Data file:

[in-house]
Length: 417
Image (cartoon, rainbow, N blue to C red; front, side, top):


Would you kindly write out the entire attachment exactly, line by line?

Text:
[in-house]
Length: 417
Image (cartoon, rainbow, N blue to C red; front, side, top):